Navistar – Cab Destructive Weld Tear Down
Navistar is a manufacturer of commercial trucks, buses, defense vehicles and engines. As a part of their operations, truck cabs are torn down and spot welds are validated. This process involves the employee peeling each welded seam with a modified T-bar to expose the spot weld nuggets. Employees had to exert an excessive amount of manual force in a process similar to opening a sardine can. To reduce exertion, Navistar employed a pneumatic nut driver that would provide the force needed to tear apart welds. However, the pneumatic tool can transfer 120 pounds of reaction forces to the employee. These forces can cause employees to compensate with awkward postures that may lead to falls. The employee is required to peel apart up to 2100 spot welds per cab. Workers are exposed to sharp parts, high reaction forces and pinch points from the pneumatic tool. Workers must wear personal protective equipment, including a bump cap, safety glasses, welder helmet and face shield, welder’s coat with Kevlar sleeves, cut resistant gloves, safety shoes and a leather apron.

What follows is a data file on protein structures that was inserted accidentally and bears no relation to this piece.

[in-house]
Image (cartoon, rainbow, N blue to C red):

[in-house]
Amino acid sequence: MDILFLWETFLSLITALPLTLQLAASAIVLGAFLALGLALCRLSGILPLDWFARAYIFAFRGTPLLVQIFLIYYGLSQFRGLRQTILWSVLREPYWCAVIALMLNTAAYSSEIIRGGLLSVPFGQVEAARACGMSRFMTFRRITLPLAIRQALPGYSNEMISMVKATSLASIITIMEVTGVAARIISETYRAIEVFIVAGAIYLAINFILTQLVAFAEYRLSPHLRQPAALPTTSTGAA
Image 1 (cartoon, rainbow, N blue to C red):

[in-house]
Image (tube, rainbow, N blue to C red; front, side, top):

To reduce forces on employees during weld tear down, Navistar worked with the machine tool company 3ARM to develop an articulating arm that will hold their pneumatic tool. The manipulating arm is suspended overhead from a gantry crane, and was specifically designed to absorb all reaction forces generated from peeling apart welds. As a result, employees in this task can complete tear down of an entire cab without exerting any force, and feel no soreness after work. When used with a pneumatic lift table, employees are also able to work in less strenuous positions, and tear down can be completed almost entirely from outside of the cab. Even employees who were previously injured doing this task can use the new equipment with relative ease.